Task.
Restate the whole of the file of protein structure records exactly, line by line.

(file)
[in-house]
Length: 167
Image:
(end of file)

[in-house]
Length: 167
Image: